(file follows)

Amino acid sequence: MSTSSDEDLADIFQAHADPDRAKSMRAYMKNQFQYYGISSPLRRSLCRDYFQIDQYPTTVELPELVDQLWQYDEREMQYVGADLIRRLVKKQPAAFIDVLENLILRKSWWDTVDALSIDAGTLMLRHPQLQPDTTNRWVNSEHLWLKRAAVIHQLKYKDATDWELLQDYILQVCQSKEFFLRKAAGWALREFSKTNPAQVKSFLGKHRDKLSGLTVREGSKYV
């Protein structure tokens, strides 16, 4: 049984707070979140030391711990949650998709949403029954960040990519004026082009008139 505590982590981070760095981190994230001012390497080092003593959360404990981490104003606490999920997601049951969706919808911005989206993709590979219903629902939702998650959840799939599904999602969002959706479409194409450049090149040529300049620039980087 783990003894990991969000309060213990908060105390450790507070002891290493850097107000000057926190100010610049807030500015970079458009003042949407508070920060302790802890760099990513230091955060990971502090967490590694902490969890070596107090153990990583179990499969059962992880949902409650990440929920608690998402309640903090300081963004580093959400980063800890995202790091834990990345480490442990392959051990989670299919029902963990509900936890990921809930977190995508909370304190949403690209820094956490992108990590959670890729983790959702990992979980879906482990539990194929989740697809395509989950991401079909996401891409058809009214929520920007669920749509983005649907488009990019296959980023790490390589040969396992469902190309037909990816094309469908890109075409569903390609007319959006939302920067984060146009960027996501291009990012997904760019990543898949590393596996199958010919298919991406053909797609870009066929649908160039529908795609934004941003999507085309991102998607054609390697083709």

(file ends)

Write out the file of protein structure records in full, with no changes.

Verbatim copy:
Amino acid sequence: MSTSSDEDLADIFQAHADPDRAKSMRAYMKNQFQYYGISSPLRRSLCRDYFQIDQYPTTVELPELVDQLWQYDEREMQYVGADLIRRLVKKQPAAFIDVLENLILRKSWWDTVDALSIDAGTLMLRHPQLQPDTTNRWVNSEHLWLKRAAVIHQLKYKDATDWELLQDYILQVCQSKEFFLRKAAGWALREFSKTNPAQVKSFLGKHRDKLSGLTVREGSKYV
């Protein structure tokens, strides 16, 4: 049984707070979140030391711990949650998709949403029954960040990519004026082009008139 505590982590981070760095981190994230001012390497080092003593959360404990981490104003606490999920997601049951969706919808911005989206993709590979219903629902939702998650959840799939599904999602969002959706479409194409450049090149040529300049620039980087 783990003894990991969000309060213990908060105390450790507070002891290493850097107000000057926190100010610049807030500015970079458009003042949407508070920060302790802890760099990513230091955060990971502090967490590694902490969890070596107090153990990583179990499969059962992880949902409650990440929920608690998402309640903090300081963004580093959400980063800890995202790091834990990345480490442990392959051990989670299919029902963990509900936890990921809930977190995508909370304190949403690209820094956490992108990590959670890729983790959702990992979980879906482990539990194929989740697809395509989950991401079909996401891409058809009214929520920007669920749509983005649907488009990019296959980023790490390589040969396992469902190309037909990816094309469908890109075409569903390609007319959006939302920067984060146009960027996501291009990012997904760019990543898949590393596996199958010919298919991406053909797609870009066929649908160039529908795609934004941003999507085309991102998607054609390697083709």